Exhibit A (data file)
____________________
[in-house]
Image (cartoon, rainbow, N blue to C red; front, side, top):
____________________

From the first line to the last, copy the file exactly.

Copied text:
[in-house]
Image (cartoon, rainbow, N blue to C red; front, side, top):